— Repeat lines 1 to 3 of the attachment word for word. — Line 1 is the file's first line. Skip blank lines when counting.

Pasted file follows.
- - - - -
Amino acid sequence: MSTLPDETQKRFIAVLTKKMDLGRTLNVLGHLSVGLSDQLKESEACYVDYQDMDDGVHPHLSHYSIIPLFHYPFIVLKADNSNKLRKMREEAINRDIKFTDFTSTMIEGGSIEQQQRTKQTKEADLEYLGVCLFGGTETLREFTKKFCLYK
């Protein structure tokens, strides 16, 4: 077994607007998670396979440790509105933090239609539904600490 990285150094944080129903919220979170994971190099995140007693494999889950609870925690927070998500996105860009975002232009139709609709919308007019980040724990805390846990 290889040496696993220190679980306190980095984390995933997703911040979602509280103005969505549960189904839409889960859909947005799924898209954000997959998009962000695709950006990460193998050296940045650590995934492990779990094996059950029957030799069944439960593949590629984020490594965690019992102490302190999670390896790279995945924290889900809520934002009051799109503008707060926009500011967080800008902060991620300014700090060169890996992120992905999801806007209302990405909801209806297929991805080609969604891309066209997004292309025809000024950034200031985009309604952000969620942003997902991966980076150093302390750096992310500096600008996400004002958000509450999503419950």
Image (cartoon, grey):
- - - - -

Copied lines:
Amino acid sequence: MSTLPDETQKRFIAVLTKKMDLGRTLNVLGHLSVGLSDQLKESEACYVDYQDMDDGVHPHLSHYSIIPLFHYPFIVLKADNSNKLRKMREEAINRDIKFTDFTSTMIEGGSIEQQQRTKQTKEADLEYLGVCLFGGTETLREFTKKFCLYK
């Protein structure tokens, strides 16, 4: 077994607007998670396979440790509105933090239609539904600490 990285150094944080129903919220979170994971190099995140007693494999889950609870925690927070998500996105860009975002232009139709609709919308007019980040724990805390846990 290889040496696993220190679980306190980095984390995933997703911040979602509280103005969505549960189904839409889960859909947005799924898209954000997959998009962000695709950006990460193998050296940045650590995934492990779990094996059950029957030799069944439960593949590629984020490594965690019992102490302190999670390896790279995945924290889900809520934002009051799109503008707060926009500011967080800008902060991620300014700090060169890996992120992905999801806007209302990405909801209806297929991805080609969604891309066209997004292309025809000024950034200031985009309604952000969620942003997902991966980076150093302390750096992310500096600008996400004002958000509450999503419950």
Image (cartoon, grey):